The classes were held daily. Routines were set, the children too, started enjoying the experience and learnt to sit at one place. As per our normal schedule we had planned to enroll the children in a nearby school after they were familiarized with the basic alphabets, arrange for their transport if required and help them with their homework after school- in short take up the role of their parents. But it was not to be.

One morning when the bus reached the destination there was no one around – neither the parents nor the children. The empty huts stood as silent sentinels.We tried finding out the whereabouts of these people. There were no cell phones to speed up communication. Then we decided to be there early in the morning and the mystery was solved. A truck was there to pick them up and take them to another work site at the other end of the town and drop them back after a day’s work.  We requested the parents to leave the children behind, but the question put up by the parents was very cogent – “who would take care of the children once the class is over? If, we were willing to take the responsibility of looking after them for the whole day then they would leave the children behind.”

We now had a problem on hand. We had no infrastructure to take care of the children for the whole day. Enrolling them at school meant only half day engaged. Here we were eulogizing about education and when the need arose shirking the responsibility by saying it doesn’t fit in our rules – it just didn’t seem right.

The parents took a step forward and offered to take the younger children along with them, and give packed meals to the older children who were to study and spend the day with us. Now we had to take up the responsibility. There were about ten to twelve children above six years. We decided to take them to our office.

Now our office was very small – just two rooms and that to in a private house with a garden around. We were worried how the children would behave – will they pluck the flowers, make noise, misuse the toilets, will the owners object? And many such qualms.

But no such thing happened. They were very quiet, they played with whatever material we gave them, ate their food quietly and after the heat reduced stood on the terrace watching the road. No shouting, no quarrelling. We were very curious to know what food they had brought with them. It was a very pleasant surprise to see each one of them having similar brand new stainless steel double decker lunch boxes with rice and curry in it. The parents had specially made this purchase!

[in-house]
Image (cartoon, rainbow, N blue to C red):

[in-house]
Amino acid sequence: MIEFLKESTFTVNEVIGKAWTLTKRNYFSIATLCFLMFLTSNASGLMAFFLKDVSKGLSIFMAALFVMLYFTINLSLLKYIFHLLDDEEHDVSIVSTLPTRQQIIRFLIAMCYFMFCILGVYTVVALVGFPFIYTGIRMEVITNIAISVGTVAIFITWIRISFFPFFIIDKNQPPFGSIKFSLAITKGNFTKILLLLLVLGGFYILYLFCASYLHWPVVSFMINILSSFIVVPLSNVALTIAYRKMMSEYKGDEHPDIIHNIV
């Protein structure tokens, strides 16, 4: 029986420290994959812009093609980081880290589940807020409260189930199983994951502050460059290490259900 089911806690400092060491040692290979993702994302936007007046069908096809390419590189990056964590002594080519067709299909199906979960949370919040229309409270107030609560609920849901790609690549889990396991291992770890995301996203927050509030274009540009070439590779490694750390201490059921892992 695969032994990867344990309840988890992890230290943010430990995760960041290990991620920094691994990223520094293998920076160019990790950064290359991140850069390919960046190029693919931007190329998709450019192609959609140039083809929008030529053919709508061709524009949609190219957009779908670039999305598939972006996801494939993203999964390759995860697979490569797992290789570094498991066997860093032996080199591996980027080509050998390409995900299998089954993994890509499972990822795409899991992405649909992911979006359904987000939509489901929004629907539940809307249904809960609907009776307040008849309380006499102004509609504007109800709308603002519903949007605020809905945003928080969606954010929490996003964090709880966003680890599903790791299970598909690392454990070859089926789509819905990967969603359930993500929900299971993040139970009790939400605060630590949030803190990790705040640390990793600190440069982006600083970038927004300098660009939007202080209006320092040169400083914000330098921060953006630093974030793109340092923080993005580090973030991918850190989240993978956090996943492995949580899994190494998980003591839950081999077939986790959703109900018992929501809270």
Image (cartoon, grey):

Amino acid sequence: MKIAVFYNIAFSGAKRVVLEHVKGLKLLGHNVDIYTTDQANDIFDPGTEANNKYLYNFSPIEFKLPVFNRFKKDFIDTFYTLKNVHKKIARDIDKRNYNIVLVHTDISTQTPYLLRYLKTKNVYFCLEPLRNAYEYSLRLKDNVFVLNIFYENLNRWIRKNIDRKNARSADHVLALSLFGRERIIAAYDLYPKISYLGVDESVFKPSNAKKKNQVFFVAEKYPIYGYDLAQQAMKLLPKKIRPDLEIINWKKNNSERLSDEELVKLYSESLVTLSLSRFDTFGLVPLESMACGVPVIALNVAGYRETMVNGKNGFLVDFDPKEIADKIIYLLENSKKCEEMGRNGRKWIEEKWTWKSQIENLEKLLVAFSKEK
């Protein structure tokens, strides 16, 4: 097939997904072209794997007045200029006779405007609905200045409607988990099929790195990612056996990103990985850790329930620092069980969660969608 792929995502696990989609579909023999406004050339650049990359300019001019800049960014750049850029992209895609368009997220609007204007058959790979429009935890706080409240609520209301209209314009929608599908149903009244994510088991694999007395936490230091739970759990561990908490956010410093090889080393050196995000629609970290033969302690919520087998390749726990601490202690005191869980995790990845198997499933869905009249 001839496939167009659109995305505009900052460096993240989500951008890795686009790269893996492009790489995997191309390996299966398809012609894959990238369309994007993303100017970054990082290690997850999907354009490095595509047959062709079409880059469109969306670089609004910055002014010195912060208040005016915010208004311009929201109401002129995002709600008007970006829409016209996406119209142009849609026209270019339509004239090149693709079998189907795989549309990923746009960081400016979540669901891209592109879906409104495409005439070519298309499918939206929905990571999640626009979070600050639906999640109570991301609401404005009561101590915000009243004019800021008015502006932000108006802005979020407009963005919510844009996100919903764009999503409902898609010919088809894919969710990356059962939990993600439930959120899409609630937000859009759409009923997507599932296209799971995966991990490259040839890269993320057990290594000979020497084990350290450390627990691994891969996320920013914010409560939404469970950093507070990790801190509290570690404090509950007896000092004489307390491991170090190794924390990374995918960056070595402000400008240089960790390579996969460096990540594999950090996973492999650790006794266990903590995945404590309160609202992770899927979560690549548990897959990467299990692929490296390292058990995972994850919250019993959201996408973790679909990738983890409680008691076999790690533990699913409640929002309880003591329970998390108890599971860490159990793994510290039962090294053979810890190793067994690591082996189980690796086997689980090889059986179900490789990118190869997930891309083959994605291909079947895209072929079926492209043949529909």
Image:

After a few days the parents were again transferred to Aundh at Spicer College. We started planning to prepare the children, to take the school entrance test in March. Accordingly, we sounded out the school authorities of a nearby school. And once again, one morning when we reached the site, there was no sign of the people, their huts. We had no clue about where they had gone, no messages, no notes, no farewell, and no nothing. 

Our teachers were greatly disappointed. But we had nothing to fall back on to trace their whereabouts. Therefore the only way to console ourselves was to believe in the teachings of the Gita –“Putting in efforts to the utmost of our ability is our responsibility, expecting the results as per our aspirations is not in our hands. 

What was the take home from this experience? The children of the road construction workers is a group of children who are deprived of education. Hence, wherever it was possible we set up classes for them. The main shortcoming of the parents was their work pattern. They didn’t stay in one place for a long time. As the work progressed they had to shift their dwellings. Many a times their settlements were away from the cities with no proper access, roads which turned into sludge during the rains. How do we teach such children? What does the behavior of the parents near Spicer College reveal? – Their disinterest in their child’s education – then what do you make of the preparation they did to send their children to the day care? What does their leaving, without informing us tell? – Their unconcern or their ignorance or is it plain compulsion.

For the original article in Marathi please visit Shikshan Sarvansathi-Article 2

Rajani Paranjape

Translated by: Wasudha Korke